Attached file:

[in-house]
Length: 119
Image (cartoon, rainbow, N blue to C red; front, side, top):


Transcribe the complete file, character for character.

[in-house]
Length: 119
Image (cartoon, rainbow, N blue to C red; front, side, top):